Talking in Canada: 10 Communication Tips for the Classroom & Workplace
- August 18, 2022
Effective communication is a hallmark of both a competent employee and a successful student. Learning to speak well is one thing, but effective communication also involves showing respect, encouraging your team, listening carefully, and being mindful of your own body language. To help you develop effective communication skills for both the classroom and workplace, explore our list of tips below.
Effective Communication Tips for the Classroom
Canadians are famed for their politeness, so it is a good idea to aim for respect when you are in the classroom. You are going to want to avoid using slang and reduced forms. In other words, you will sound more polite if you say, “It is” as opposed to “it’s.”
Remember to also make requests, not demands. To soften your message, use modal verbs such as “could” and “would.” It is better to say, “Could I order a coffee?” as opposed to, “Give me a coffee.”
It should also go without saying that you should never interrupt another speaker.
We have all been in a classroom where one student does all the talking, so to avoid falling into this trap, always ask others to contribute. It can make a big difference when you politely ask someone, “What do you think?”
Use Active Listening
Active listening means paying close attention to not only the words a person is using but also their tone of voice and the expression on their face. If you take a mental note of what you don’t understand and ask for clarification, the speaker will know that you are paying attention and interested in their idea.
It can be a good habit to start summarizing the ideas of another speaker with the simple phrase, “So please correct me if I am wrong, but it sounds like your main points are…”
Using body language can not only enhance your message but also make others pay more attention to you. To get started, all you have to do is move your hands to the rhythm of your voice. It has also been shown that gesturing can help you remember important information and words while you are speaking.
Share Your Ideas
Fleming College Toronto promotes respectful and inclusive classrooms, so your contributions will always be valued. Even a short comment can enhance a class discussion. If public speaking is something that scares you, remember that the more you do it, the easier it gets. Set yourself a goal of saying something short every day, and soon you will be confident enough to make bigger contributions.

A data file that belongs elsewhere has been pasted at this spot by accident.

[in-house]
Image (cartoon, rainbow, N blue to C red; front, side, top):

Effective Communication Tips for the Workplace
Know What to Communicate About
In the workplace, it is important to refrain from gossip and controversial topics. Discussing money, politics, and religion can make people emotional and uncomfortable. For casual conversations, ask about someone’s weekend, discuss popular culture, or bring up news related to your industry.
For example, if you work in Supply Chain Management, you might discuss international issues related to global logistics.
Watch Your Tone of Voice
A high-pitched voice can indicate immaturity, defensiveness, or make your statements sound like a question. A monotone voice can make you sound bored or disinterested. On the other hand, a low pitch can make you sound more serious. Try recording yourself when you are alone to see if your tone of voice matches the meaning you are trying to convey.
When you feel someone has misunderstood you, resolve the miscommunication as soon as possible. Don’t be personal. Focus on solving the problem. Think about the other person’s perspective and remember that everyone makes mistakes.
Be Clear and Explicit
It is always better to overexplain than underexplain. Canada is a low-context culture, which means that most people say exactly what they mean in the workplace and do so with a lot of details and examples so that everyone can understand. This is in contrast to a high-context culture, which means that meaning is conveyed or implied more through environments, relationships, and non-verbal cues.
For some people, low-context communication might feel like too much. You might think that Canadians tend to take a long time explaining simple instructions. However, this is done to ensure that an important point is never missed.
Summarize your assignments
Sometimes, meetings can get long and complicated. That’s why it is important to not only take notes during a meeting but also to verify the steps required for any assignments or projects. At the end of a meeting, when the speaker asks if anyone has questions, you can use the following phrase to ask for clarification:
- I just want to verify that the following is correct…
- So, to summarize my action plan, I will _____, _____, and _____. Is this correct?
- Please let me know if I understood correctly. First, I will _____. Second, I will _____.
Thank you for reading! For more information about studying and working in Canada, email firstname.lastname@example.org